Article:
Aspiring visual artists hoping to sketch out a promising future flocked on Thursday to an animation industry conference in Jamaica, which hopes to become the next hub of a growing global industry that generated more than $100 billion last year.
Jamaican and World Bank officials believe that the international animation industry can create thousands of jobs for young hopefuls in Jamaica, where the economy has sputtered for more than 30 years and good jobs are scarce. Because animation skills are transportable, they say capable individuals in Jamaica can serve international clients outsourcing work while also developing their own creative productions.
On Thursday, the first day of a two-day conference on the business, dozens of Jamaican hopefuls submitted their artwork and got career tips from representatives of industry leaders such as Bento Box, a Burbank, California-based company that is an animation producer for broadcast and cable networks.
Industry, Investment and Commerce Minister Anthony Hylton said labor-intensive animation "offers huge potential for the creation of jobs" in Jamaica. He said the country is well-positioned to become part of the industry's "global supply and value chain" because the English-speaking country shares a language with major content producers in the U.S., Britain and Canada and its citizens have always displayed a deep talent for the arts.
Scott Hodges, a 20-year-old student at Kingston's Edna Manley College of the Visual and Performing Arts, was among the excited young artists in attendance.
"I wanted to be in animation ever since I was small. We just need opportunities in Jamaica and we can succeed," Scott said the sidelines of the conference at Jamaica's campus of the University of the West Indies.
Starting in the early 1970s, Hollywood producers began sending animation work to countries like Mexico, Canada and Spain as a way to cut rising labor costs. By the beginning of the next decade, the industry turned to Japan and its animation sector, which relied on subcontractors in Taiwan and South Korean.
Today, there are thousands of animation studios and trade schools across Asia, many of them in China. Animation outsourcing by major companies such as Disney Animation and Nickelodeon to subcontractors in countries such as India and the Philippines has become a flourishing business.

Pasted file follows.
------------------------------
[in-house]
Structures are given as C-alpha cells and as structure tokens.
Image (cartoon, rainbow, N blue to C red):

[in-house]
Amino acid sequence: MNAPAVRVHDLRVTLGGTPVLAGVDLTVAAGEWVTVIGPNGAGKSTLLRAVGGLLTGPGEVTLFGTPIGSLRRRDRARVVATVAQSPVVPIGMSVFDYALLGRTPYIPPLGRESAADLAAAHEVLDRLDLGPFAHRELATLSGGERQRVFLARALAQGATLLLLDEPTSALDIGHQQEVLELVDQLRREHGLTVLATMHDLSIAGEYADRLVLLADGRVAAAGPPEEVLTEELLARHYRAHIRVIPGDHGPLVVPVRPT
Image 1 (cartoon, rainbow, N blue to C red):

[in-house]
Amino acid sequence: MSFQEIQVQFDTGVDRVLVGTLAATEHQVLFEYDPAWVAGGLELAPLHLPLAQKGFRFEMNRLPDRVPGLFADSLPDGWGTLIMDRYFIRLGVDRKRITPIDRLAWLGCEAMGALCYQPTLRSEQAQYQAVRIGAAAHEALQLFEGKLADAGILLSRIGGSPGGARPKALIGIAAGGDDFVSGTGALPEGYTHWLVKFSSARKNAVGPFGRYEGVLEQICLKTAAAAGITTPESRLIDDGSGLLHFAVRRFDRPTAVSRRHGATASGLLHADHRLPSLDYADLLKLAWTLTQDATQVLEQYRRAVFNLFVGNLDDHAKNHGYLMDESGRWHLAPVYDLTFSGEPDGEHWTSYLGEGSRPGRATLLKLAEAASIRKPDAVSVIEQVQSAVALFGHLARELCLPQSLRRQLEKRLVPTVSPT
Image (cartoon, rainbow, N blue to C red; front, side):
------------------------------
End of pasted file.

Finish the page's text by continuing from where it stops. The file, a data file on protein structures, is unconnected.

Long a musical innovator, Jamaica is now having some success with animation. "Cabbie Chronicles," an animated comedy featuring a sullen Jamaican cab driver named Delly and a changing cast of colorful customers, has won several regional awards.
Joan Vogelsang, president and CEO at Montreal-headquartered Toon Boom Animation Inc., a company that produces digital content and animation creation software, said she's confident that Jamaica has the necessary ingredients to become a popular animation destination "not only for subcontracting opportunities but also for intellectual property development."
Vogelsang, who has helped develop animation sectors in India and other countries across the globe, also said the industry creates well-paying jobs that can help build a strong middle class in countries like Jamaica.
"The day of the starving artist is over," she told a conference room of eager creative types.
Joel Kuwahara, co-founder and principal of Bento Box and a former producer on "The Simpsons," said the global industry is enthusiastic to bring talented artists from Jamaica and other regional spots into the fold.
"Technology gives you the chance to work with more partners overseas," Kuwahara said before giving a presentation. "It's a necessity for us because it's expensive to produce in Los Angeles. And these days, there are no limitations to where you live to collaborate."
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